I have always believed that leaders and managers are two different kinds of people. This article, distinguishes between leaders and managers quite well.
Leaders conceive and initiate strategies that create and sustaincompetitive differentiation and advantage. They continuously pursue and evaluate innovations that may lead to increased productivity, new business opportunities and markets, and new or expanded competitive advantage and differentiation. They direct and influence corporate activities and behaviors to develop an environment and processes that support and sustain these strategies
Managers implement strategies in day-to-day operations. They establish processes and systems, create business rules and operating procedures, and monitor performance to maximize the efficient production of the company’s products and services. They have the frontline responsibility for ensuring efficient and appropriate use of company resources, including equipment, employees and capital.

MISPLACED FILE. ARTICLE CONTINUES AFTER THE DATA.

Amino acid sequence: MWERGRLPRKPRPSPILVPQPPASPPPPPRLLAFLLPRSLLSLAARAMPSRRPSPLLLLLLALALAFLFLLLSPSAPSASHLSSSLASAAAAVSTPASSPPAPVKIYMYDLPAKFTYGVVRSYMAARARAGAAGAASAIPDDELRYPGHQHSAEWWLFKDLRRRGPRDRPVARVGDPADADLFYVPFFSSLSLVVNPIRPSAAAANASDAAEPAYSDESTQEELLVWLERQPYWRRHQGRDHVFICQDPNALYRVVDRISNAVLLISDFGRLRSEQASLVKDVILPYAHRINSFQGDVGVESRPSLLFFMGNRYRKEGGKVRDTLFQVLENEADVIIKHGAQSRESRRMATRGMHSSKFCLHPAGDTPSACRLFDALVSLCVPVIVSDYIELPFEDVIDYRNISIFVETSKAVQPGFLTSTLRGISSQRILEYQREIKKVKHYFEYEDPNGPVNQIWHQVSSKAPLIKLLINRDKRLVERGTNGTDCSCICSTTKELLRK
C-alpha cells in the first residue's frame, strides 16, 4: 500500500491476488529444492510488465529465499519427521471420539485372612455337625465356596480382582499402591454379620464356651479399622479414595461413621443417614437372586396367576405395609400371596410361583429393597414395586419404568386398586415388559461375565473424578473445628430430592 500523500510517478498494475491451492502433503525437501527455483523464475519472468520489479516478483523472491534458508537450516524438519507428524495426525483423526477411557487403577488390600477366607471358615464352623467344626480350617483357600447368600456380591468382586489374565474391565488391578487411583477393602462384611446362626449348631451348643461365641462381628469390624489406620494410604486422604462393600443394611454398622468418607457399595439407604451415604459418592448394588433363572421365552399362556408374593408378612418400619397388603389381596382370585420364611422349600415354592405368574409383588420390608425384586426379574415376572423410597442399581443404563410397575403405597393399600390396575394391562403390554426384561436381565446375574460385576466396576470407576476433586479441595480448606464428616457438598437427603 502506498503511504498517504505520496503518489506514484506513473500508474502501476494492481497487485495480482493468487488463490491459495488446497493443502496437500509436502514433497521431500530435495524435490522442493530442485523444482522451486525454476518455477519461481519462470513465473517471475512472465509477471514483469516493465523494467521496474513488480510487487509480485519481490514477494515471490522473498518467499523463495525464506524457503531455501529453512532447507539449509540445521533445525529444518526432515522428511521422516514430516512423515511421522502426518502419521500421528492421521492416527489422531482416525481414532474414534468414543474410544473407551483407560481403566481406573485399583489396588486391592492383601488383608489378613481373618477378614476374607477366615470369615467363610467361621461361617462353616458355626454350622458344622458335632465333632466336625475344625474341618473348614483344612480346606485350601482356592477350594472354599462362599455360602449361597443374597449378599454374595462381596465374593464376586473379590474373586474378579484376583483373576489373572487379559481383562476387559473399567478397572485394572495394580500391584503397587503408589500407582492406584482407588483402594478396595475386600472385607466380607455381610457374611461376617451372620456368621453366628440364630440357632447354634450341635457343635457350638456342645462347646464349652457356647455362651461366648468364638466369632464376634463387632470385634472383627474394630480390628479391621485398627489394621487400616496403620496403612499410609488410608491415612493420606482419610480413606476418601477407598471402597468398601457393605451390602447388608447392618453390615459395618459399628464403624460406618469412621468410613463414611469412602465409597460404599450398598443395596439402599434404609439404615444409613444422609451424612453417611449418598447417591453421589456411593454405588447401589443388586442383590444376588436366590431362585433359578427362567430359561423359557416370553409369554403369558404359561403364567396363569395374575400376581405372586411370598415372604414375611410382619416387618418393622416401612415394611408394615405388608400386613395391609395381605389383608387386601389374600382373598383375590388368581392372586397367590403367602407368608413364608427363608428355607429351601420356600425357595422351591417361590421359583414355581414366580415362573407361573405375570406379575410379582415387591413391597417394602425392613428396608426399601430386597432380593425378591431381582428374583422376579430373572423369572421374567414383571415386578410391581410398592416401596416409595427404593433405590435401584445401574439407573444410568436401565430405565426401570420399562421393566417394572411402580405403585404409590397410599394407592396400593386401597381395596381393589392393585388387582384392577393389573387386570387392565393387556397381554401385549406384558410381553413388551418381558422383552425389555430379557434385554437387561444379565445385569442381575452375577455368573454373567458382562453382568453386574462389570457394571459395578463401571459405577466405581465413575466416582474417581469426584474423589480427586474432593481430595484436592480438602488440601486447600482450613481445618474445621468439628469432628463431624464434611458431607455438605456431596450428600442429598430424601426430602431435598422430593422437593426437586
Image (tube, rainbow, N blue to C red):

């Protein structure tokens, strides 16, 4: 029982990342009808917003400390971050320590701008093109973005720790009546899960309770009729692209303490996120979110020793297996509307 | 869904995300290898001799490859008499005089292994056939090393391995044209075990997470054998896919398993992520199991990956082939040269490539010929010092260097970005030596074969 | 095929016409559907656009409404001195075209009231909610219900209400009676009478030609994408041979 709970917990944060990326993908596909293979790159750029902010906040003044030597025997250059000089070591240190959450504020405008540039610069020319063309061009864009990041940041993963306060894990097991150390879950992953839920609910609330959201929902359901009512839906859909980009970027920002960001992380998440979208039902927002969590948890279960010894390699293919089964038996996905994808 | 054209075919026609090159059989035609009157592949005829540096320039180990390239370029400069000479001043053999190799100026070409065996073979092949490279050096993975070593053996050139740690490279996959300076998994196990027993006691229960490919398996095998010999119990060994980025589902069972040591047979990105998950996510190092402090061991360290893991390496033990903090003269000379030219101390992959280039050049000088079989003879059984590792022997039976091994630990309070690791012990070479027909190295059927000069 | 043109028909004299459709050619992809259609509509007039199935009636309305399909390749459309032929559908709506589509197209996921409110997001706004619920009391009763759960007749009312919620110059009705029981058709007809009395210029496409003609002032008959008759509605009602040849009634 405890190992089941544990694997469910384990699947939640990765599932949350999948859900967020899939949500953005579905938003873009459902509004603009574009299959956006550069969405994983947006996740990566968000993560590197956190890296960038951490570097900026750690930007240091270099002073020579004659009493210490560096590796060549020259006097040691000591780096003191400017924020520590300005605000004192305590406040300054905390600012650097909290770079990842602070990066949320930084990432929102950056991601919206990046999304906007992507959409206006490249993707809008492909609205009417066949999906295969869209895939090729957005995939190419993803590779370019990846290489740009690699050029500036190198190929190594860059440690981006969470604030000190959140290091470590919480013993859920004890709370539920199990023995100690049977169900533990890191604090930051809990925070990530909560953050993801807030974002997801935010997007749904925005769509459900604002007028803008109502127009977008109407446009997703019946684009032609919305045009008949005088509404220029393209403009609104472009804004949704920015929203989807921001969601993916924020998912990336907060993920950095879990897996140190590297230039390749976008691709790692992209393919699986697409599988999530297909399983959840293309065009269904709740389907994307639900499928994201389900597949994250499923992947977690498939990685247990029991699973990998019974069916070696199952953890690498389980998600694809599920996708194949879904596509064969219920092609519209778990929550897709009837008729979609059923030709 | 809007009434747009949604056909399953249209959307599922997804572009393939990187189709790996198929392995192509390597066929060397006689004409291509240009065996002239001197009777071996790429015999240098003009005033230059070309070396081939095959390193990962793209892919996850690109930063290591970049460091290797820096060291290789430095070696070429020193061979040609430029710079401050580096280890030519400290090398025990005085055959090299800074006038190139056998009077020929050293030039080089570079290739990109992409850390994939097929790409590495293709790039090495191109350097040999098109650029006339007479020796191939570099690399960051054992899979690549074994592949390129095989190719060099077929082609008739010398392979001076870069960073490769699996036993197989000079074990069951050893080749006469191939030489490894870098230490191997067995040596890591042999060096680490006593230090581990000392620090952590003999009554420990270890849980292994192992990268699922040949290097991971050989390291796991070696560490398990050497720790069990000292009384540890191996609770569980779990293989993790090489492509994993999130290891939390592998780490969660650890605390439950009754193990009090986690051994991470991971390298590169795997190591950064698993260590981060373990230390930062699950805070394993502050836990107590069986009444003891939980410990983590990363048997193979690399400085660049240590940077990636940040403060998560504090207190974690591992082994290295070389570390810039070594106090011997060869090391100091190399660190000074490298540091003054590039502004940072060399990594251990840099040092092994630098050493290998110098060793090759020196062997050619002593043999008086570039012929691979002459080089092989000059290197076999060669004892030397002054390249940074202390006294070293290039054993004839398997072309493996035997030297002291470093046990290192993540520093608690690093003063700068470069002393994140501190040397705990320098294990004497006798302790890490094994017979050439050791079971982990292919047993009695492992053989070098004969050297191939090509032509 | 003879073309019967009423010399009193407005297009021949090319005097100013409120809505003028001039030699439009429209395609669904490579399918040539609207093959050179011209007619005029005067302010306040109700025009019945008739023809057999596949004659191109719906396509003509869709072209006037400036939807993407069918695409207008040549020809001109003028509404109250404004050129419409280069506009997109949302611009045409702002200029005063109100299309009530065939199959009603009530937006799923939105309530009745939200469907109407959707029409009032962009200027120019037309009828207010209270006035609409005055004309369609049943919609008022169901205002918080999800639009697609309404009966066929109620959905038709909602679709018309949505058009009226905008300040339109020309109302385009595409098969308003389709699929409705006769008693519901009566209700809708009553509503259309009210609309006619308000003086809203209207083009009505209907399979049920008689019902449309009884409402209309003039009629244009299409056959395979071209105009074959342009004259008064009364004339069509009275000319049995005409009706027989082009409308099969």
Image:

Thus, in summary it appears that leaders think, and managers implement. Now, here is my insight:
Most orgnanizations actually reward good managers. Good managers, over a period of time tend to occupy leadership roles. Is this necessarily good? The skill sets that are required from a manager seem to differ from what a leader requires. A manager is likely to be one who is good at delivering results, planning, organizing, people skills, data analysis etc. A leader on the other hand would need to begood at analyzing the environment, predicting trends, understanding human potential (of his team), influencing people and so forth. Plato believed that philosophers would probably make good kings. In the same vein, it appears that a good leader would be one who is an evolved creature, who can get away from the mundane operational issues, and look far ahead into the future.